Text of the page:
A Man Apart, Bill Coperthaite’s Radical Experiment in Living,
by Peter Forbes & Helen Whybrow
I met Bill Coperthwaite in 2007. I had recently read his book, A Hand Made Life, and was deeply impressed by his stories and practice, and the way he was trying to live out an answer to questions that, by our denial of them, define our culture:
“Can you have ‘culture’ without violence?”
“Is beauty useful?”
“Are justice, democracy, and peace possible if most all of our technologies require violence?”
Like Gandhi, Bill figured that whatever he could make for himself meant less dependence on an imperial master, but where Gandhi lived with hundreds of others in an ashram in India, Bill lived alone on a couple of hundred acres in Northern Maine, at the end of a mile and a half footpath. When he wasn’t at home building and designing, he travelled the world to build for others, and to seek out living traditions of craft and design.
I was in New England for work, but had some days between events. Instead of filling my time with more work, however, I decided to write Bill, and ask if I could visit. His reply included directions for finding the path to his place. I parked at a non-descript wide spot at the end of a country road, and followed a narrow path through forest, brush and beaver pond to a stunning house. Bill’s home yurt consisted of four tiers, large to small. Dividing each layer from the next was a ring of clerestory windows. The bottom ring, about 50′ in diameter, was filled with 8 years worth of firewod, hand cut, carried, and stacked, as well as tools and workspace. Above that were living quarters: library, kitchen, office. Above that, a bedroom. And above that, a tiny “aeirie,” all light, whose floor was woven out of cord, in geometric patterns. Light streamed into every tier from all directions, indirect and luminous.
I spent two days helping Bill replace one of the piers that held up his house, exploring the landscape, and admiring a seemingly endless array of handmade tools, brooms, utensils — even a scotch tape dispenser. Back home, I dreamed of a yurt. Two years later, I invited Bill to lead a workshop in which we built a beautiful 20′ diameter two-tiered yurt for a neighbor of mine. He introduced us to crooked knives and welcomed me into the art of spoon-carving. When the building was all done, he spent a day at our home, talking about books and poetry and helping us shuck our dry corn. The conversation continued as I drove him to a conference, and then to the airport.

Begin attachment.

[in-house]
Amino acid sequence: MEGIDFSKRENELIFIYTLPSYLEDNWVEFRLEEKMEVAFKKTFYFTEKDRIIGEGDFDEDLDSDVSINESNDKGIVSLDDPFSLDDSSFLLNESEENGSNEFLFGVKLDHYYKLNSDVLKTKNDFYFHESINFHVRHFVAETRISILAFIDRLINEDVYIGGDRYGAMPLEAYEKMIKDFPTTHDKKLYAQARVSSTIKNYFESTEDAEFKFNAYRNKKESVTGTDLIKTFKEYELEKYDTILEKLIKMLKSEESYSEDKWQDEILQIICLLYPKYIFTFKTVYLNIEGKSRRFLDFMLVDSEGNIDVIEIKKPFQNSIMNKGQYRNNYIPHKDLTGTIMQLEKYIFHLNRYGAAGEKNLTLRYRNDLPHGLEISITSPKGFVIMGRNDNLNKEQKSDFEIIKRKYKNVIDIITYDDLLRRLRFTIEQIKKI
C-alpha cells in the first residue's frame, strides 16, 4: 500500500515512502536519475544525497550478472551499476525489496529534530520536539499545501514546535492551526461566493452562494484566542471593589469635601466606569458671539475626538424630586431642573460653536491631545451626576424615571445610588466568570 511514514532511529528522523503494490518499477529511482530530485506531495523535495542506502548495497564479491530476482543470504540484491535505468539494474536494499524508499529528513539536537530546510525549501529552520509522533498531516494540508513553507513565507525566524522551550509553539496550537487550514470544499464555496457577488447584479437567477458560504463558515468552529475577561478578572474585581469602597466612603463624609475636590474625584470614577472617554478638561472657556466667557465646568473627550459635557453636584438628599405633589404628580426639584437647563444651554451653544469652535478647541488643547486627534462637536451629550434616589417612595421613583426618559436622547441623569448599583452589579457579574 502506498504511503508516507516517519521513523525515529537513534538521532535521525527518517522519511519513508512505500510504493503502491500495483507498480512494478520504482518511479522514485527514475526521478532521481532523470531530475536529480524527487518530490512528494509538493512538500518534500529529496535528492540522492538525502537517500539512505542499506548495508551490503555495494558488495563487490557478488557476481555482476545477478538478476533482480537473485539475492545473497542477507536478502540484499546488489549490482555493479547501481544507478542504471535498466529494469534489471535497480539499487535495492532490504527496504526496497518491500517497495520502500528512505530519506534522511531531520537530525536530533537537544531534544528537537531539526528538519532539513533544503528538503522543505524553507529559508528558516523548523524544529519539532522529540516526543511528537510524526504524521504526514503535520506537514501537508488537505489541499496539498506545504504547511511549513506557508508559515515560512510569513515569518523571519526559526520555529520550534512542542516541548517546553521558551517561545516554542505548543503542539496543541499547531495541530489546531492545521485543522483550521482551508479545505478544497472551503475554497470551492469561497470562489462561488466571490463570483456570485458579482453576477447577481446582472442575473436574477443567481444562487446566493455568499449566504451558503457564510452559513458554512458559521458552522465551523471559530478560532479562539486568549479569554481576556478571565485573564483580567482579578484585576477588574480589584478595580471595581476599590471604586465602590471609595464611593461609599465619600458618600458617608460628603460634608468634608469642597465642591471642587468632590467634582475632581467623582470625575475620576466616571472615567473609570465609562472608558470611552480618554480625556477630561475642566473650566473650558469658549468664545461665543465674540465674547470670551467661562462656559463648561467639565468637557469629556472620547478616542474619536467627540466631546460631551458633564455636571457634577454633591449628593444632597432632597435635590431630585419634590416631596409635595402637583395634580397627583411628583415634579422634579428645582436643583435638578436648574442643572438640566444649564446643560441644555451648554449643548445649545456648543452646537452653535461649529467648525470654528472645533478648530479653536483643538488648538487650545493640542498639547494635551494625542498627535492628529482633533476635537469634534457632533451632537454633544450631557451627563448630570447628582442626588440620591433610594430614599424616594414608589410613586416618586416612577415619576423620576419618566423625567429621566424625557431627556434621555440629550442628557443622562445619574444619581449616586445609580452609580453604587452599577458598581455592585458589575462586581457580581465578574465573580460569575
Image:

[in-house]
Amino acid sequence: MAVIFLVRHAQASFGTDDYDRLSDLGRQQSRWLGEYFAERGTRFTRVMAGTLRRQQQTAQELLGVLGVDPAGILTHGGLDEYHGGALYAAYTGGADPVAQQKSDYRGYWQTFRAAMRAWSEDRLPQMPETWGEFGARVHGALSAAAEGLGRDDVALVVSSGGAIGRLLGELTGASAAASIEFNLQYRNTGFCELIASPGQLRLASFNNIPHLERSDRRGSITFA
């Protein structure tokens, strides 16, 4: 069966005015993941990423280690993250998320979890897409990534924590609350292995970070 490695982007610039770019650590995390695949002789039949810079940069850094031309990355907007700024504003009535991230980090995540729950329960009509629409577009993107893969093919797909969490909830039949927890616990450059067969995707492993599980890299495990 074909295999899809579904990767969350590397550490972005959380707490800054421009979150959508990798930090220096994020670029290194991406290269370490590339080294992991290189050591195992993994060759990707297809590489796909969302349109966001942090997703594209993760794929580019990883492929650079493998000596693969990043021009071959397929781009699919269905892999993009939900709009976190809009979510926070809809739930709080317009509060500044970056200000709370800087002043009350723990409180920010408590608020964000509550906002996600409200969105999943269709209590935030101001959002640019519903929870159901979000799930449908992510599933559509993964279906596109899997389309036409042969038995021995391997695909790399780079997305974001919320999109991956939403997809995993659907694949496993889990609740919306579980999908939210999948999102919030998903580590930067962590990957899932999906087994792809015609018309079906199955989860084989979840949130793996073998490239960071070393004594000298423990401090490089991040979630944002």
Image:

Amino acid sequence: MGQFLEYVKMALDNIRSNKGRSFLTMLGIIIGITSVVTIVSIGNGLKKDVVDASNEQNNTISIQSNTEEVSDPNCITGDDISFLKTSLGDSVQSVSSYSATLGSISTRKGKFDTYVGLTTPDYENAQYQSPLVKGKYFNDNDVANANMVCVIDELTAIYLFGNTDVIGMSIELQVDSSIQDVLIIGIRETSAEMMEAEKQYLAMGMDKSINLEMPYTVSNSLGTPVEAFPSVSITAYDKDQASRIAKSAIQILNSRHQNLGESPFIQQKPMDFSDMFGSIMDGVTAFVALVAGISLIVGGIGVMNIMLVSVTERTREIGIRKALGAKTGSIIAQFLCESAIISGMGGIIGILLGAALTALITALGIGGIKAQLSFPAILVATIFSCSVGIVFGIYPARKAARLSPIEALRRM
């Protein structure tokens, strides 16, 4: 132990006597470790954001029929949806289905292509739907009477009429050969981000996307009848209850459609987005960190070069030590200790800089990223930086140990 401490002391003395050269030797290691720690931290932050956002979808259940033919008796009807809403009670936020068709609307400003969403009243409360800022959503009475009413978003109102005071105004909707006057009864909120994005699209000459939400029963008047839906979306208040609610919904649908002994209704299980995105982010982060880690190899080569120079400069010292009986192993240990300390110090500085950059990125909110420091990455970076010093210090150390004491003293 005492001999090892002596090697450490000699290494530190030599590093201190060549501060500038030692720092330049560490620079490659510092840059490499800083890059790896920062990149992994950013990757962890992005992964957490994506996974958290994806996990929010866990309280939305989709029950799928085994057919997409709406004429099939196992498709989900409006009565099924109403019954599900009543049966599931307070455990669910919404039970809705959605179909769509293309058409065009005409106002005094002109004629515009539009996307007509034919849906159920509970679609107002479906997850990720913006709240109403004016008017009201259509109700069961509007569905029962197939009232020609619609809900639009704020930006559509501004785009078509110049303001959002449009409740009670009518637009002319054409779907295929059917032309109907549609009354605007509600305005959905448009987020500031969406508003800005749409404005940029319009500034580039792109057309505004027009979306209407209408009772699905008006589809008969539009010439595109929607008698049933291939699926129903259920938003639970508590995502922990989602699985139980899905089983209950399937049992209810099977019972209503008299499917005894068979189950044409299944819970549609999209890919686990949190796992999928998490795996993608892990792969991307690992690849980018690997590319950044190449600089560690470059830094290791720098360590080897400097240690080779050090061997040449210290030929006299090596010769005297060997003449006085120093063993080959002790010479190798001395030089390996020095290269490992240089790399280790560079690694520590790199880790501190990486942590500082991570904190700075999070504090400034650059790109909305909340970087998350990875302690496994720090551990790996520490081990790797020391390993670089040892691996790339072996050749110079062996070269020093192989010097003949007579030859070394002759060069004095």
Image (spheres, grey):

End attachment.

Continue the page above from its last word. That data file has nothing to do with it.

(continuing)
I would have loved to spend more time with him, but opportunity and timing never coincided. Thanksgiving of 2011, he slid off an icy road, hit a tree and died at the age of 83.
Bill cultivated, largely by hand, a unity of home and life that freed him from participating in most modern consumer insanity. It’s a high ideal for many of us, including Peter Forbes, whom I’d met when he came out to photograph our yurt workshop. He’d known Bill for decades, so when he and his wife Helen came out with this book, I was eager to read it.
Of the two authors, Peter in particular was influenced by his relationship with Bill. In meditating on that relationship, he and Helen focus primarily on the experience of building a yurt together on Bill’s land, as part of a stewardship arrangement by which Bill was turning over his life’s work to a small group of friends, and encouraging them to share his land and vision while he was still alive.
Bill is not a “touchy-feeley” kind of guy, and our yurt-raising was less like workshops and more like going into the Stanley Cup finals with a team of strangers only some of whom know how to skate. That Bill manages not only to pull it off, but also build beautiful, well-made buildings is a powerful testimony to his approach. Needless to say, there can be difficulties, many of which revolves around Bill, not only as the jobsite foreman and architect, but also as the revered (and often gruff) teacher.
I think it’s worth declaring, at this point, that in a mechanized, industrial age, a hand-made life is not only anachronistic, it’s impossible. Even a life on the fathest fringe takes sustenance and energy from the mainstream. So Bill would talk about “blending” culture — when people at our workshop objected to his decision, at one point, to employ a crane to place the upper part of our yurt, he reminded us that he had not walked from Maine to Oregon. So, like any life, Bill’s was full of compromise — but those weren’t what he talked about. He spoke of principles, and design — the right way of doing things. But unlike so many social theorists who address such challenges with words and ideas, Bill addressed it with his hands. . How do things fit? And how do our tools, materials, and choices affect that fit?
An anachronism is something out of or away from time. Mostly, we assume that “time” consists of what the majority are doing. But time passes no matter what we do. Rather than trying to “save time” in order to spend and earn more money, Bill used his time to make many things, some large, like yurts, some small, like spoons, or the scotch tape dispenser on his desk. At one point, Bill decided to make a better landing area for his canoe (his primary mode of transporting materials). This was a design challenge that most would have addressed with dynamite and a civil engineer. There would have been a high price, to pay for the power and engines to do the work at speed. That work would have been “someone’s job,” done primarily for payment, and measured in days and dollars. Instead, Bill chose a sledgehammer, and spent one if not several summers slowly chipping away at Maine’s granite coastline. He said he would spend 20 minutes hammering, and 20 minutes reading a book. He measured the work in ideas and stories; things seen while resting, and a physical understanding of geology that could make a person feel like a true brother to wind, rain, and time.